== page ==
Food is not a business but a common good. Unfortunately, many products respond to the business of large companies, which are usually few and take advantage of farmers and stockbreeders. If they lack a product, they import it. For these reasons, food production has become a profit-making activity, while it should only be a way to satisfy a vital need: nutrition.

According to what the exhibition in El Prat de Llobregat explains, it is absolutely necessary to recover the value of local food, not only for ethical and health reasons but also to strengthen the links between the rural and urban areas of the territory. It is essential to promote what our territory is capable of providing us with —which is a lot—. Unfortunately, this is not being done at the moment.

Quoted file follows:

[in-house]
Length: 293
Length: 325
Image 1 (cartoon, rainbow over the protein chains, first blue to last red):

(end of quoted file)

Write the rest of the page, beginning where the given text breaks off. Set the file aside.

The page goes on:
Why is it that territories are predominantly unable to make a living from their production? According to the FAO, there are two reasons for this: a real lack of political will and a lack of sufficient financial resources. However, it seems that even if more resources were to be allocated to agricultural development, it would unfortunately not be enough, as we live in a context of global trade with countries and regional areas specialising in one or a few products to extract the maximum profit. Also, as early as 1996, NGOs and civil society organisations (CSOs) started proposing to the World Food Summit (WFS) the creation of a new decentralised model to avoid the concentration of wealth and power as the current model is destroying the environment, global food security, and cultural diversity.